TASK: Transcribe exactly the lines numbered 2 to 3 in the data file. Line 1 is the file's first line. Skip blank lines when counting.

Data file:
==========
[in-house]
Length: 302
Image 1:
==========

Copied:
Length: 302
Image 1: